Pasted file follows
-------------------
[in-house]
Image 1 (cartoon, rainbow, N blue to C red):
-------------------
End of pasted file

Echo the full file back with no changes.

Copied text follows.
[in-house]
Image 1 (cartoon, rainbow, N blue to C red):